If you’re a creative worker looking for an external hard disk, you should consider getting this drive. There aren’t a lot of rivals: The majority of other HDD options are substantially larger, and flash-based SSDs don’t currently provide comparable capacity or value-adds. The LaCie Rugged RAID Pro 4TB comes with a unique set of features and accessories that make it simple to use and a great travel companion.


Transcend ESD250C

Tech Reviews - Transcend 960GB - Tech News

  • Capacities: 960GB
  • Transfer Protocol: USB 3.1 Gen 2
  • Sequential Reads: 520 MBps
  • Warranty: 3 Years
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If you’re looking for a seriously thin SSD, Transcend’s product is ideal. It’s far thinner than a standard portable SSD, measuring only 7.5mm thick, and while it’s longer than most at 120mm, it’s only 33.6mm wide. The matte aluminum outer casing is extremely stylish, with a space-grey finish that goes well with Apple devices.

The drive can be formatted for Windows or Mac using Transcend’s included Elite software, or it can be connected straight to an Android mobile device that supports USB On-The-Go. To connect to a desktop, laptop, or phone, a USB Type-C to Type-C cable is included, as well as a Type-C to Type-A cable.

The drive is equipped with a USB 3.1 Gen 2 interface. Its 10 Gbit/s speed rating is more than adequate to push the drive’s claimed maximum read and write speeds to 520MB/s and 460MB/s, respectively. In CrystalDiskMark, we got even quicker read/write rates of 564/476MB/s, albeit real-world speeds were a little lower in our testing, as is often typically the case. The ESD250C managed 464/328MB/s video read/write speeds while transferring numerous images and a single large video file.

The ESD250C comes in only one capacity option: 960GB. Despite the lack of a smaller alternative, the price is relatively competitive, matching that of other manufacturers’ 500GB SSDs.


Samsung Portable SSD T5

Tech Reviews - SAMSUNG T5 - Tech News

  • Capacities: 250GB, 500GB, 1TB, 2TB
  • Transfer Protocol: USB 3.1 Gen 2
  • Sequential Reads: 540 MBps
  • Warranty: 3 Years
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With a basic matte aluminum housing that embodies understated elegance, Samsung’s entry is as elegant as portable SSDs go. It fits comfortably into a shirt pocket, measuring only 74 x 57.3 x 10.5mm, and comes in four colors: black, blue, gold, and red. The SSD T5 is also rated to survive a 2-meter plunge, and your data is safeguarded by 256-bit hardware encryption, something you wouldn’t expect from the attractive design. There are capacities of 500GB, 1TB, and 2TB, with the 1TB version offering particularly good value, costing only a little more than many competing 500GB drives.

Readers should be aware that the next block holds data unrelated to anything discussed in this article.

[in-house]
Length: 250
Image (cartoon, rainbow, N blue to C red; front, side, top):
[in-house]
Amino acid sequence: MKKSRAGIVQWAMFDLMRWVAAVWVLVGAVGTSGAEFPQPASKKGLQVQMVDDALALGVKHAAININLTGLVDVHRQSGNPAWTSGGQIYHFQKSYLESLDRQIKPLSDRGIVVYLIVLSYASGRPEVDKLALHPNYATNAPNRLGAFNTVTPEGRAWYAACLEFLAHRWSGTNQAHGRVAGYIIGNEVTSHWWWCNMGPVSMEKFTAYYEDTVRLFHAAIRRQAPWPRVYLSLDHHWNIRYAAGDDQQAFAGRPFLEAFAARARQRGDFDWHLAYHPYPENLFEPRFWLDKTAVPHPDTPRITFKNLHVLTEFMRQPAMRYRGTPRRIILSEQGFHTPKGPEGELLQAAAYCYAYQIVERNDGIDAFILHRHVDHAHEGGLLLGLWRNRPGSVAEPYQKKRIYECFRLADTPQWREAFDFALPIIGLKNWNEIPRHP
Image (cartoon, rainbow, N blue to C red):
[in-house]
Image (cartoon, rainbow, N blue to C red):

While the promised 540MB/s transfer speed may be difficult to reach, the USB 3.1 Gen 2 connection (Type-C and Type-A cables are included) will ensure outstanding speeds. When transferring video, we saw 415/365MB/s rear/write speeds, and picture read/write speeds of 308/298MB/s are also impressive.


Lexar SL200 Portable SSD

Tech Reviews - Lexar SL200 - Tech News

  • Capacities: 128GB, 240GB, 256GB, 480GB, 512GB, 960GB, 1TB, 2TB
  • Transfer Protocol: USB 3.1 Gen 1
  • Sequential Reads: 550 MBps
  • Warranty: 3 Years
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Lexar is best known for its high-quality memory cards and card readers, but it also makes a number of portable SSDs. The SL200 is the company’s newest model, with dimensions of 86 x 60 x 9.5mm. The matte silver surface looks good next to most recent laptops, and the build quality is reassuringly solid.

The maximum read/write rates advertised by Lexar are 550/400MB/s, which is very normal for a non-NVMe SSD. When reading/writing a single huge video file, we measured the drive at a maximum of 448/289MB/s – a best-case real-world speed scenario. Even though transferring huge numbers of little image files slows any SSD, the SL200 nevertheless managed a respectable read/write speed of 384/267MB/s. When comparing equal capacities, these speeds are broadly comparable to the similarly tiny Samsung SSD T5. However, when considering storage sizes, the Samsung SSD T5 tends to be less expensive than the Lexar.

The Lexar SL200 is available in 512GB, 1TB, and 2TB capacities, and connects to a computer via a USB 3.1 Type-C connection on the drive. The box includes USB Type-C to Type-C and Type-C to Type-A cables.


Adata SE800

Tech Reviews - ADATA SE800 - Tech News

  • Capacities: 512GB, 1TB
  • Transfer Protocol: USB 3.1 Gen 2
  • Sequential Reads: 1000 MBps
  • Warranty: 3 Years
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This 1.4oz, 2.8-inch long flash drive is the size of a matchbook. It’s also quite durable: With an IP68 designation, AData claims it is water, dust, and shockproof, meaning it can withstand 30 minutes of immersion in water up to 10 feet deep, as well as dust and drops from a few feet. However, this necessitates the presence of the plastic cover over the USB-C port, which might be easily pulled away from the single piece of plastic that keeps it in place. Both USB-C and USB 3-compatible cables are included.

We found it to be a fair performer in our tests, transferring our 2.7GB test file in 5.5 seconds. That’s average, and it means copying files to or from the drive should be fairly speedy, which is crucial considering the drive can contain up to 2TB of data. When in use, the drive gets a little warm to the touch due to heat dissipation through the aluminum shell.